Emergence of New Ethnic Groups
The Early Middle Ages saw disappearance of some peoples and emergence of new ethnic groups. Mixture between indigenous peoples and the newcomers led to creation of new ethnic groups but the process took place in two directions. The indigenous population was mostly assimilated by the new settlers but in some regions, the newcomers adopted the language and culture of the indigenous population. For example, the Franks descended from Germanic tribes from northern Europe and originally spoken Old Frankish, a West Germanic language but they were eventually absorbed into Latinhood like most Germanic peoples in Western and Southern Europe including the Goths. Slavic peoples, on the other hand, have assimilated non-Slavic peoples in Eastern Europe and the Balkans, and even completely absorbed the later invaders such as the Bulgarians.
Ethnic Identity in the Early Middle Ages
Formation of ethnicity in the Early Middle Ages was a complex process. The map of the Migration Period that illustrates the migration of ethnically homogenous groups from their distant homeland to Europe is very misleading. Ethnic identity in the Early Middle Ages was very fluid and the nature of acquiring identity of an ethnic group was very different from today’s “standards” that typically require a common heritage and often also a common language, culture and even ancestry. For example, a defeat of a king by an external enemy did not only marked his end as a ruler but could have also marked the end of his people who were absorbed into victorious ethnic group. In addition, the upper classes sometimes adopted multiple ethnicities in order to secure their position or advance socially and politically. The flexibility of ethnicity in the Early Middle Ages also explains the disappearance of many peoples and cultures without population decline and large-scale migrations. Most barbarian groups that settled in Europe are estimated to number tens of thousands. The total population in Europe in late antiquity is not exactly known but it is estimated to have been around 50 million in year 400.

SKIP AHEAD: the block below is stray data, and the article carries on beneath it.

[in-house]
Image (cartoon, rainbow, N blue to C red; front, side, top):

The Middle Ages is a period in European history that followed the classical antiquity. The beginning of the Middle Ages is traditionally dated to year 476 when the last Western Roman Emperor, Romulus Augustulus was deposed by Germanic chieftain Odoacer who became the first Germanic King of Italy. The event marks the end of the Western Roman Empire but all historians do not consider it as the start date for the Middle Ages.